By Emily Bryan
Unlicensed whitebait fishermen are copping big fines for taking more than their fair share.
Whitebait patties and fritters will be back on the menu next month when the Tasmanian fishery opens for six weeks.
The limited season is designed to protect the tiny morsels from over-fishing.
Unlicensed poachers supplying a black market for the delicacy are an ongoing frustration.
A dozen thefts have been prosecuted in the state's north-west in the past year, attracting fines of up to $130 per kilogram.
In May, two men from Stanley were fined more than $10,000.
The Inland Fisheries Service's John Diggle said poaching threatened the sustainability of the fishery.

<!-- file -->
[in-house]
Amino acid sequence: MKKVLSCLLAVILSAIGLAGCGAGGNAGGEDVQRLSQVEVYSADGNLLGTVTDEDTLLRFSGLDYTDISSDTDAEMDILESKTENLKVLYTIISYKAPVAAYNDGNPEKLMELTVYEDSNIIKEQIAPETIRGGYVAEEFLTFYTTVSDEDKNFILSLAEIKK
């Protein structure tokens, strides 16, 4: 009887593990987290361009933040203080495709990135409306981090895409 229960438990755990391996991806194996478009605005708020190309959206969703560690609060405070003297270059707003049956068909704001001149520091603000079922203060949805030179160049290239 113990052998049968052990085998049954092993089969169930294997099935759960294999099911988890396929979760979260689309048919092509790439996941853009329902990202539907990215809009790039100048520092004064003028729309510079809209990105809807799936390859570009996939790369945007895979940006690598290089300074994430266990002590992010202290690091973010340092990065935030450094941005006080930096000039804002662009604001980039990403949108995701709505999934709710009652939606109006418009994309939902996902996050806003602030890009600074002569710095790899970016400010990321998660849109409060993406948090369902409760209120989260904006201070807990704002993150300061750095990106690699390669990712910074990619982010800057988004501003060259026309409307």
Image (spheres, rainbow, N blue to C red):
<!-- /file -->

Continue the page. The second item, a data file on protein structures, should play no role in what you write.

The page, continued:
"If they're caught before they can spawn, their life cycle is basically broken and the fishery can collapse," he said.
"That's the biggest issue we're trying to deal with, is protecting the true Tasmanian whitebait from over-exploitation.
"As we speak there's operations underway hopefully targeting more individuals."
Whitebait can be caught legally from October 1 to November 11.
During that period, fisherman Doug King will head out up to four times a week in search of the tiny fish which he said were vulnerable to poachers.
"They start spawning and they get there with their boats and they get masses of them," he said.
"Inland Fisheries can't be everywhere but they try their best."
Inland Fisheries stakes out suspected hotspots but catching all the thieves requires a much wider net to be cast.
Members of the public are urged to report suspicious behaviour.